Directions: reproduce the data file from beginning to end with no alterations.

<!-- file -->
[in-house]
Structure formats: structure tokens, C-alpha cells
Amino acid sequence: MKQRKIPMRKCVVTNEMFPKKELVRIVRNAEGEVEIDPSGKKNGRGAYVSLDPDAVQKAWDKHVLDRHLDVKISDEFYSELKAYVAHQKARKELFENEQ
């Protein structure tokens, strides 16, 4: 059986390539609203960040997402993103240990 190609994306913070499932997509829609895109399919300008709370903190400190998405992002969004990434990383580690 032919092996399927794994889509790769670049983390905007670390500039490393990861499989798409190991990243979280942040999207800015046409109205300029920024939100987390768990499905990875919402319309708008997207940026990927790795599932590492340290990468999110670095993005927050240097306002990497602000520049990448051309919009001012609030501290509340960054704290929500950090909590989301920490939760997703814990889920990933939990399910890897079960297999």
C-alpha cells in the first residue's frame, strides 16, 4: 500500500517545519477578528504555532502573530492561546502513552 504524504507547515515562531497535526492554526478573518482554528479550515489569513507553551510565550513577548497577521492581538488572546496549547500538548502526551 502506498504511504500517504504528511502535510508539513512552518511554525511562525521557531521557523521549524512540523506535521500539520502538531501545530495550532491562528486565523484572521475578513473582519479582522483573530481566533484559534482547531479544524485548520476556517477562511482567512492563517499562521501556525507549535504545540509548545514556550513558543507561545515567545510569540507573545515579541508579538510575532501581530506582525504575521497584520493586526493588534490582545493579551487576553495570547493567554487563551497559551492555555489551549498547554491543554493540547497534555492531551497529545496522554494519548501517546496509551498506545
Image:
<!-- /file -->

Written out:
[in-house]
Structure formats: structure tokens, C-alpha cells
Amino acid sequence: MKQRKIPMRKCVVTNEMFPKKELVRIVRNAEGEVEIDPSGKKNGRGAYVSLDPDAVQKAWDKHVLDRHLDVKISDEFYSELKAYVAHQKARKELFENEQ
């Protein structure tokens, strides 16, 4: 059986390539609203960040997402993103240990 190609994306913070499932997509829609895109399919300008709370903190400190998405992002969004990434990383580690 032919092996399927794994889509790769670049983390905007670390500039490393990861499989798409190991990243979280942040999207800015046409109205300029920024939100987390768990499905990875919402319309708008997207940026990927790795599932590492340290990468999110670095993005927050240097306002990497602000520049990448051309919009001012609030501290509340960054704290929500950090909590989301920490939760997703814990889920990933939990399910890897079960297999």
C-alpha cells in the first residue's frame, strides 16, 4: 500500500517545519477578528504555532502573530492561546502513552 504524504507547515515562531497535526492554526478573518482554528479550515489569513507553551510565550513577548497577521492581538488572546496549547500538548502526551 502506498504511504500517504504528511502535510508539513512552518511554525511562525521557531521557523521549524512540523506535521500539520502538531501545530495550532491562528486565523484572521475578513473582519479582522483573530481566533484559534482547531479544524485548520476556517477562511482567512492563517499562521501556525507549535504545540509548545514556550513558543507561545515567545510569540507573545515579541508579538510575532501581530506582525504575521497584520493586526493588534490582545493579551487576553495570547493567554487563551497559551492555555489551549498547554491543554493540547497534555492531551497529545496522554494519548501517546496509551498506545
Image: